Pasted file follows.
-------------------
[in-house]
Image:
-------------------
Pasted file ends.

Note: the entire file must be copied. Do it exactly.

[in-house]
Image: